In fitting culmination to Seongdeok‘s reign, and symptomatic of improving relations with Tang, in 735 Tang Emperor Xuanzong formally granted the Silla king the territory south of the Pae River (the modern Daedong River running through Pyongyang), land that had been held at least formally by Tang ever since the seventh century and the Tang–Silla campaigns that had toppled Goguryeo.
The Emille Bell of King Seongdeok
King Gyeongdeok, who was the second of Seongdeok's two sons who ruled after Seongdeok, commissioned an enormous bell as a memorial to his father. The largest bell ever struck in Korea, craftsmen had great difficulty in casting it successfully. The first casting was not successful, and the government officials and monks were sent out to collect donations to finance the difficult undertaking. Legend tells that a poor peasant woman had no money to donate, but offered her young daughter as a sacrifice to honor King Seongdeok. According to the legend, the young child was thrown into the molton metal, and this time, when the bell was cast, it had a miraculous beautiful tone, like the voice of a young child.
The bell is 3.3m high, with a diameter of 2.27m, and weighs about 20 tons. The bell's sweet sound could be hear up to 40 miles away when struck on a clear day. Though it was commissioned by King Gyeongdeok, the bell was not completed until 771, during the reign of his successor, King Hyegong. The Emille bell now hangs in the National Museum in Gyeongju.
Seongdeok‘s reign was one of relative prosperity and peace. As one Korean scholar has contended, during his rule "...the paramount authority of the throne was finally secured, and with this accomplished the kingdom at last was able to enjoy unaccustomed domestic tranquility" (Lee, Ki–baik 1984).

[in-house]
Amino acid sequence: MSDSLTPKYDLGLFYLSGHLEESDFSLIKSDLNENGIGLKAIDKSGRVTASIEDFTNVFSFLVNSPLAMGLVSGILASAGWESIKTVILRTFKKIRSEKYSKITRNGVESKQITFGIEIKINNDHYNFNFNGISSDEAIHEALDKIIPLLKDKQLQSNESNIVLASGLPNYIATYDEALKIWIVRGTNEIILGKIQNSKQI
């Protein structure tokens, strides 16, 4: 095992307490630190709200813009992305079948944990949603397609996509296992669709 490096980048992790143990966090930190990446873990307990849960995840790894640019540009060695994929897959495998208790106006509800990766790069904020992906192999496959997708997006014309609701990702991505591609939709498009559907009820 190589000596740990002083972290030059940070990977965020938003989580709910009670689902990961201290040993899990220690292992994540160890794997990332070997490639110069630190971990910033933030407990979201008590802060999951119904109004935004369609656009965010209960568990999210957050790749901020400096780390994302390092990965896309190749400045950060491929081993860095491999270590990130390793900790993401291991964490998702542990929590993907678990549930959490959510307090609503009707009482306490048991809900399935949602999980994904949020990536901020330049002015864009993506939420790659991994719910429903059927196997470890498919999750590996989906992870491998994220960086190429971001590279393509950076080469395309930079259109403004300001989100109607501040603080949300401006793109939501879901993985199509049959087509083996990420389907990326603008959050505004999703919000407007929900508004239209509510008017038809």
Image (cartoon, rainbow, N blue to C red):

According to one account in the Samguk Sagi, Seongdeok invented Korea's first water clock, in Korean nugak 漏刻, in 718. However, this is likely a mistaken rendering of Nugakjeon 漏刻典, for elsewhere the Samguk Sagi relates that in 718 the Nugakjeon, or Office of Timekeeping, was established for the first time .
During Seongdeok's reign Buddhism flourished, as evidenced by the large number of monks at Beopjusa Temple. The temple has an enormous iron rice pot, the largest ever cast in Korea, probably in Asia, which was made during Seongdeok's reign, as well as a 4.46m x 2.4m x 0.94 m granite water tank, used to supply rice and water for up to 3,000 monks at the temple.
Regarding the death date of Seongdeok, as period Chinese histories record that in the second month of 737 a Tang envoy was dispatched to confer investiture upon Seongdeok's son Hyoseong as Seongdeok's successor as King of Silla, it has been posited that King Seongdeok in fact died in 736.
In 704, Seongdeok married Lady Baeso 陪昭夫人 (Queen Seongjeong 成貞), the daughter of Gim Wontae. In 715, their son, Junggyeong 重慶, was named Crown Prince and heir presumptive. Shortly thereafter, and for reasons unclear but quite likely having to do with a power struggle at court between the king and the clan of the queen, Queen Seongjeong was evicted from the palace in 716. As further evidence of a possible power struggle, the next year Junggyeong died under circumstances that remain unknown. Following the fall from favor of his first wife, King Seongdeog married Sodeok in 720, the daughter of the minister Gim Sun-won. Kings Hyoseong and Gyeongdeok were among the children of Seongdeok and Sodeok.
- List of Korea-related topics
- Rulers of Korea
- Unified Silla
- Bell of King Seongdeok
- Michael C. Rogers, 1960, "The Thanatochronology of Some Kings of Silla" Monumenta Serica. 29:336–337.
ReferencesISBN links support NWE through referral fees
- Adams, Edward Ben, and Edward Ben Adams. 1991. Korea's golden age cultural spirit of Silla in Kyongju. Seoul, Korea: Seoul International Pub. House. OCLC: 33080512
- Lee, Ki–baik, E.W. Wagner, and E.J. Shultz (trans.). 1984. A New History of Korea. Seoul, KR: Ilchogak. ISBN 8933702040
- Yi, Ki-baek. 1984. A new history of Korea. Cambridge, MA: Published for the Harvard-Yenching Institute by Harvard University Press. ISBN 9780674615762